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UPGMA tree analysis of the indicated plant, algal, cyanobacterial and bacterial lycopene cyclase amino acids sequences. Analysis was performed in MEGA5 [28]. The GenBank accession numbers for these species are shown. The tree is drawn to scale, with branch lengths in the same units as those of the evolutionary distances used to infer the phylogenetic tree. The evolutionary distances correspond to the number of amino acid substitutions per site and were computed using the Poisson correction method. Numbers at nodes indicate bootstrap values calculated over 500 replicates.
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marinedrugs-10-02069-f004: UPGMA tree analysis of the indicated plant, algal, cyanobacterial and bacterial lycopene cyclase amino acids sequences. Analysis was performed in MEGA5 [28]. The GenBank accession numbers for these species are shown. The tree is drawn to scale, with branch lengths in the same units as those of the evolutionary distances used to infer the phylogenetic tree. The evolutionary distances correspond to the number of amino acid substitutions per site and were computed using the Poisson correction method. Numbers at nodes indicate bootstrap values calculated over 500 replicates.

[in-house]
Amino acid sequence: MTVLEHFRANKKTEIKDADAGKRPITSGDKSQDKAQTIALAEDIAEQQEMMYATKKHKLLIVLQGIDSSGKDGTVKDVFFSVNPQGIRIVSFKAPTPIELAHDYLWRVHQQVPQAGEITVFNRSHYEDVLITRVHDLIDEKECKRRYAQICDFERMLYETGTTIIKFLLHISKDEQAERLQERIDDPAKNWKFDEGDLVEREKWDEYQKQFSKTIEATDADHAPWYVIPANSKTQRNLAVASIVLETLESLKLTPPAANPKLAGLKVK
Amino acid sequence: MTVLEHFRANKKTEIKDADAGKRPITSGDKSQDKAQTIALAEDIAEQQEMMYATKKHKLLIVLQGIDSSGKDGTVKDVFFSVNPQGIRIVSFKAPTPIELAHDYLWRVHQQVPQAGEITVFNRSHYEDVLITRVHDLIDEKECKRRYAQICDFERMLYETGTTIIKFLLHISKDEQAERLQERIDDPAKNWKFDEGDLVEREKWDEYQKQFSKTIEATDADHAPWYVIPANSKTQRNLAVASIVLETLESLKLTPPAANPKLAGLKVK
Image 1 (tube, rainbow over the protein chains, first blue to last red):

Mentions: The BlastP search results demonstrated that the cloned CzLCYe showed the highest overall homology sequence with other LCYe from green algae, such as Chlamydomonas reinhardtii and Volvox carteri (identity 66%, similarity 77%) and Auxenochlorella protothecoides and Chlorella variabilis (identity 62%, similarity 74%). The GC content of the Czlcy-e coding region was 53%, which was lower than that of C. reinhardtii and V. carteri (63%) or of A. protothecoides (61%). The phylogenetic analysis of lycopene ε- and β-cyclases from green algae, cyanobacteria, plants and bacteria is illustrated in Figure 4. Analysis was conducted in MEGA5 using UPGMA method [28]. The predicted CzLCYe forms a cluster with the LCYe of green algae, which are phylogenetically close to LCYe of plants (~44% of identity, and 61% similarity). The degree of homology was lower with the LCYb of green algae, including C. zofingiensis, and plants (about 39% identity and 55% similarity) and with both cyanobacterial cyclases (CRTLe and CRTLb) (around 35% identity and 51% similarity). As other algal LCYe, CzLCYe was distantly related to bacterial CRTY cyclases, sharing with them only a few conserved motifs and about 23% identity. The characteristic Rossmann or dinucleotide binding fold and two cyclase motifs, present in LCYe and LCYb of green algae and plants, CRTLe and CRTLb of cyanobacteria and CRTY of bacteria, were also identified in the LCYe of C. zofingiensis, between amino acids 187 and 215, 405 and 421, and 480 and 489, respectively. In addition, a leucine in a region near the C-terminus, which was demonstrated to determine ε-monocyclase activity, was also identified in LCYe of C. zofingiensis. One basic amino acid histidine or lysine in that position was found in lycopene ε-cyclases from Lactuca sativa and Prochlorococcus marinus MED4 both of them showing ε-bicyclase activity [29,30].